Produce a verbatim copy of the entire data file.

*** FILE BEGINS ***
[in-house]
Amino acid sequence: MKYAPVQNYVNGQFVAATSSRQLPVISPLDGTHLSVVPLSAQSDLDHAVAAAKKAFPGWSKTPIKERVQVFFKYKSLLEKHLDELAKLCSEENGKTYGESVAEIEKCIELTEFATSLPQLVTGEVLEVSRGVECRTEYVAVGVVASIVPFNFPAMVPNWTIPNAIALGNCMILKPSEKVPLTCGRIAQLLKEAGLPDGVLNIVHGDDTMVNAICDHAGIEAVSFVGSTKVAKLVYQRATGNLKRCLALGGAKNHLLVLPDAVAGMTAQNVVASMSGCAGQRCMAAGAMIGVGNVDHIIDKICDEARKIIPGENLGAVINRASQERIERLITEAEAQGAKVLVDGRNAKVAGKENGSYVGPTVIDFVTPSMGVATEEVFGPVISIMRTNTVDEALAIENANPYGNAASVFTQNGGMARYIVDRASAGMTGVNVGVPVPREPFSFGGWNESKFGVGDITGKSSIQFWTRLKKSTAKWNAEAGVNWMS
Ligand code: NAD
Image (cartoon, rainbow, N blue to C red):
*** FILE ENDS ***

[in-house]
Amino acid sequence: MKYAPVQNYVNGQFVAATSSRQLPVISPLDGTHLSVVPLSAQSDLDHAVAAAKKAFPGWSKTPIKERVQVFFKYKSLLEKHLDELAKLCSEENGKTYGESVAEIEKCIELTEFATSLPQLVTGEVLEVSRGVECRTEYVAVGVVASIVPFNFPAMVPNWTIPNAIALGNCMILKPSEKVPLTCGRIAQLLKEAGLPDGVLNIVHGDDTMVNAICDHAGIEAVSFVGSTKVAKLVYQRATGNLKRCLALGGAKNHLLVLPDAVAGMTAQNVVASMSGCAGQRCMAAGAMIGVGNVDHIIDKICDEARKIIPGENLGAVINRASQERIERLITEAEAQGAKVLVDGRNAKVAGKENGSYVGPTVIDFVTPSMGVATEEVFGPVISIMRTNTVDEALAIENANPYGNAASVFTQNGGMARYIVDRASAGMTGVNVGVPVPREPFSFGGWNESKFGVGDITGKSSIQFWTRLKKSTAKWNAEAGVNWMS
Ligand code: NAD
Image (cartoon, rainbow, N blue to C red):